May 23, 2011 at 12:59 pm |
    • Clinton

      PDX – My other comment is awaiting moderation which means in short, it won't be posted.... Suffice to say i had some not nice things to say about your comments, but i'll sum them up for you... why do you feel you have the right to bash my beliefs? It's not fun when someone does that to you, like how big of a moron you must be for believing in a Magical Bang that thrust everything into existence... Especially when Basic Physics disproves that theory and nobody is even close to coming up with an answer for "what would cause such a thing" they've just conceptualized an answer to make idiots like you believe in a Man as if he has all the answers..... so you're coming to me... telling me that a Magical Boom occurred billions of years ago (nevermind this doesn't answer what caused or created this boom -- This would require something to have ALWAYS EXISTED and nothing to have created it..) You're tellin me the Magic Boom made me... and you essentially worship scientific theories that change every 5 years... and you're callin me an idiot for believing in an Omnipotent Being that initiated the creation of the Universe and at a point in Human history sent his son to teach us all how to live properly and be kind to our neighbors and showed us how to be forgiven for the bad stuff we do... And this is crazier in your mind... to magical particles ALWAYS existing somehow creating and explosion culminating in the creation of a seemingly endless reality? ............. why ... why is your idea more plausible? PLEASE... SCHOOL ME... MR. GENIUS OF THE INTERNET

      May 23, 2011 at 1:00 pm |
    • PDX_Atheist

      @Clinton It doesn't take a genius just a willingness to read something besides the bible.

      May 23, 2011 at 1:04 pm |
    • Bible Clown

      "defensive mocking?" Why is it so important to you to believe that it's defensive? You are the one who sounds defensive here. You say an invisible man does miracles, I say show me one, and you call me angry and defensive. It's YOUR invisible man, not mine. YOU are defending it, not me

      May 23, 2011 at 1:06 pm |
    • derp

      "and you're callin me an idiot for believing in an Omnipotent Being that initiated the creation of the Universe and at a point in Human history sent his son to teach us all how to live properly and be kind to our neighbors and showed us how to be forgiven for the bad stuff we do... And this is crazier in your mind"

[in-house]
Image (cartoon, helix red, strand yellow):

You left out the talking snakes, magic apples, rib woman, virgin birth, really big boat, guy who lived inside a whale, a dude who can walk on water, leviticus, people rising from the dead, burning talking bushes, parting of seas, and all of the other bizarro stuff your omnipotent being sent along with his god/son

      Yes, I'm calling you or anyone else an idoit for believing it. And yes it is crazier in my mind.

      May 23, 2011 at 1:11 pm |
    • QS

      "Trying to guess at the day, so you can warn others, is pointless, and just makes you look like an idiot."

      And this is what we Atheists are trying to explain to those who keep expressing this sentiment – you're arguing semantics over the time, but you still believe the "end" will happen as the bible says, so you are essentially issuing the same warning just with less confidence of when it will happen.

      It's not the timing that we're mocking in the end, it's that those who believe the same rapture story were mocking along with us, only they were mocking their own belief at the same time. That's what makes you all look like idiots to us, including the ones who were saying "this guy's a joke, he can't possibly know when the rapture will happen...because none of us can."

      You really don't see the utter irony of the contradiction?

      All I'm saying is, if so many "Christians" believed Camping to be crazy or delusional simply because he thought he knew the time of the rapture, why is it now off limits for us non-believers to believe you're all just as crazy for believing the same nonsense...just without a time frame?

      To us, you're all saying the same thing as Camping, except while he said "it will happen at this time" you're all just saying "it will happen, at some time".

      May 23, 2011 at 1:11 pm |
    • SeanNJ

      @Clinton: Why does there have to be a "creator?" More to the point, why do you insist there has to be a "why?" Why are you so afraid of being unimportant?

      May 23, 2011 at 1:17 pm |
    • Clinton